A high-profile Gambian journalist has been missing for a week after being abducted by suspected intelligence agents, press freedom campaigners said on Thursday, voicing fears for his safety.
Alagie Ceesay, manager of the independent Teranga FM, disappeared outside the radio station's Banjul headquarters on July 2, Reporters Without Borders said in a statement.
"We are extremely worried about Alagie Ceesay's disappearance," said Clea Kahn-Sriber, head of the Africa desk at the rights group, known by its French initials RSF.
While saying journalists being abducted was "nothing new in Gambia" Kahn-Scriber said "every day that passes increases our concern about Ceesay's fate."
Ceesay had just finished his meal ending the daily Ramadan fast when a friend told him two men outside the radio station were asking to see him, RSF said.
"Ceesay went outside to speak to them and neither his family nor his colleagues have seen him since then," it added.
A witness reported seeing two men bundle him into their four-wheel drive before driving away.
RSF said Ceesay managed to call his brother to say he had been taken by officers from the west African nation's feared National Intelligence Agency (NIA).
"His line went off before he finished what he wanted to say. I called back, but his line was off," the brother, Amadou Ceesay, confirmed to AFP.
Another family member told AFP the NIA has denied holding the journalist.
Launched in 2009, Teranga FM has been shut down three times in five years by the government, according to the Gambia Press Union, which is also campaigning for Ceesay's release.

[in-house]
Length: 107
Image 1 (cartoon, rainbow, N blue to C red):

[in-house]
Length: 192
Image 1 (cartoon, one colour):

Ceesay was arrested and questioned by police when the Gambian authorities shut the station for several days in January.
No explanation was given for the clampdown, but it followed a failed coup attempt against President Yahya Jammeh in December last year.
Analysts had warned that Jammeh, who has been accused of widespread human rights violations during his 21-year rule, could use the attack on State House in Banjul as justification for stifling dissent.
Dozens of soldiers and civilians have been arrested over the attack, with many still missing, according to family members and rights groups.
Jammeh has led the small country of two million people since taking power in a coup in 1994 and is often accused of muzzling journalists.
Deyda Hydara, editor of the daily The Point Newspaper and a correspondent for Agence France-Presse, was killed by unidentified gunmen on his way home from work on December 16, 2004.
Suspicion immediately fell on Jammeh's regime, prompting an outcry at home and abroad, but allegations against his inner circle went no further and the murder remains unsolved.